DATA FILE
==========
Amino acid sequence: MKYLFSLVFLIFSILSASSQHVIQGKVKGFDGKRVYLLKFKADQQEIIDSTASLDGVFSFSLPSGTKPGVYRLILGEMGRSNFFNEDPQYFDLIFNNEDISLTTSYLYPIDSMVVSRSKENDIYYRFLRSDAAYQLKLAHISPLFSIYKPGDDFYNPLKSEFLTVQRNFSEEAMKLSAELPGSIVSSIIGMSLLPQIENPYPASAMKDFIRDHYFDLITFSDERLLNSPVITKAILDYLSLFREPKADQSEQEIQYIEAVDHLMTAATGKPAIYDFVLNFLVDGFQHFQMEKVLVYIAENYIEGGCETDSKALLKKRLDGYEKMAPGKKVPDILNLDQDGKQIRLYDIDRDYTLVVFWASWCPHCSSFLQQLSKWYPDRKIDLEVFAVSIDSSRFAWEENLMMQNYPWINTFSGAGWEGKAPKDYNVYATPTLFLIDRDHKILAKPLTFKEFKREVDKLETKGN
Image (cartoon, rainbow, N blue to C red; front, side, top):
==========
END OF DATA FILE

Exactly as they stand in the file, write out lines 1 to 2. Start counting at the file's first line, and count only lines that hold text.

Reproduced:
Amino acid sequence: MKYLFSLVFLIFSILSASSQHVIQGKVKGFDGKRVYLLKFKADQQEIIDSTASLDGVFSFSLPSGTKPGVYRLILGEMGRSNFFNEDPQYFDLIFNNEDISLTTSYLYPIDSMVVSRSKENDIYYRFLRSDAAYQLKLAHISPLFSIYKPGDDFYNPLKSEFLTVQRNFSEEAMKLSAELPGSIVSSIIGMSLLPQIENPYPASAMKDFIRDHYFDLITFSDERLLNSPVITKAILDYLSLFREPKADQSEQEIQYIEAVDHLMTAATGKPAIYDFVLNFLVDGFQHFQMEKVLVYIAENYIEGGCETDSKALLKKRLDGYEKMAPGKKVPDILNLDQDGKQIRLYDIDRDYTLVVFWASWCPHCSSFLQQLSKWYPDRKIDLEVFAVSIDSSRFAWEENLMMQNYPWINTFSGAGWEGKAPKDYNVYATPTLFLIDRDHKILAKPLTFKEFKREVDKLETKGN
Image (cartoon, rainbow, N blue to C red; front, side, top):